Workers from both the North and the South Japan Mission were assigned. Pastor Paul El­dridge, Voice of Prophecy speaker, who is pro­ficient in the Japanese language, spoke at all the services held in the Central church, and Pas­tor T. H. Blincoe and I shared the pulpit at the concurrent Sunday night services at the Amanuma church.

The Central church was packed on opening night, with six hundred people in attendance. This was the result of much prayer and an in­tensive field preparation and advertising cam­paign. It was probably the largest campaign attempted up until that time in Japan. Our budget was pitiably small when you consider that Tokyo is the world's third largest city and the capital of a non-Christian nation. However, these meetings demonstrated that it is still pos­sible to secure large audiences in Japan today, though it takes much more in the way of means and effort than it did a few years ago.

What has made the difference? There are two primary factors. One is the resurgence of nationalism and its attendant revival of inter­est in the national religions. The other is the fact that Japan, in just a few years' time, has made an amazing recovery from the poverty and destruction of the immediate postwar years. Thus the people are more satisfied with present conditions of life and not so eager to change to anything new. Yet the more I consider condi­tions here today, the more convinced I become that now, even more than at that time, we are presented with a real evangelistic opportunity. Much of the interest then was just passing curi­osity. Those who attend nowadays are definitely interested in investigating the Christian message. It is true that today we sense the stirrings of a new nationalism, but the doors of opportunity are still wide open before us. There is still ample religious freedom and ample opportunity to draw large crowds to evangelistic meetings, and we surely trust this will be the case.

Though all phases of our work are neces­sary and important to the winning of souls, we must never overlook the fact that the main method of harvesting interest and securing bap­tisms is public evangelism. In Japan our re­sults are not so readily apparent as in some fields, for it takes a longer period—sometimes even two or three years—to prepare a candi­date for baptism. Yet I have kept careful records of those interested during our evangelistic cam­paigns, and these show large numbers of bap­tisms over a period of time when adequate fol­low-up work is done. These records also show surprisingly that the average cost to the mission ,of persons baptized through public evangelistic work is actually about $27.80 per person. Cer­tainly this demonstrates the effectiveness of public evangelism.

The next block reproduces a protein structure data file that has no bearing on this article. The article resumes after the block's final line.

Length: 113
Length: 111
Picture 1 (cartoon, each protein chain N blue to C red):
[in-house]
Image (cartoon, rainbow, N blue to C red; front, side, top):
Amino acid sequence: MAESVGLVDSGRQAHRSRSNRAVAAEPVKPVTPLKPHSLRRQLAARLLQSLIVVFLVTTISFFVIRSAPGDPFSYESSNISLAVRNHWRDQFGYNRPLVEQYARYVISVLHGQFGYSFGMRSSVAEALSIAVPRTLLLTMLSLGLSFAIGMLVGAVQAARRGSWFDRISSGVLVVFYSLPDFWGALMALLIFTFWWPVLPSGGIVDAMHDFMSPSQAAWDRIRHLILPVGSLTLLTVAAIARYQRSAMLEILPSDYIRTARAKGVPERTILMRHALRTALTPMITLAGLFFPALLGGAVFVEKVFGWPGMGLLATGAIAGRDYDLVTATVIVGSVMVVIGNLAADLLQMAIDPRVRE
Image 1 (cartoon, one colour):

I do not have figures available for other lands, so can comment only on the situation here in Japan. As we study the statistics of re-,cent years and note the diminishing number of baptisms as compared with larger budgets, more workers, and greater institutions, we must realize the importance of following the instruc­tion given by the servant of God:

We should now feel the responsibility of laboring with intense earnestness to impart to others the truths that God has given for this time. We can­not be too much in earnest...

Now is the time for the last warning to be given. There is a special power in the presentation of the truth at the present time; but how long will it continue?—Only a little while. If there was ever a crisis, it is now.

All are now deciding their eternal destiny. Men need to be aroused to realize the solemnity of the time, the nearness of the day when human proba­tion shall be ended. Decided efforts should be made to bring the message for this time prominently before the people. The third angel is to go forth with great power.

Evangelistic work, opening the Scriptures to others, warning men and women of what is coming upon the world, is to occupy more and still more of the time of God's servants.—Evangelism, pp. 16, 17.

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L. R. VAN DOLSON, Evangelist, Osaka, Japan

March 1957